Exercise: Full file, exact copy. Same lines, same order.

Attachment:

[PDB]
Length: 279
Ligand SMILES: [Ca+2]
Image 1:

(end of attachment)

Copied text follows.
[PDB]
Length: 279
Ligand SMILES: [Ca+2]
Image 1: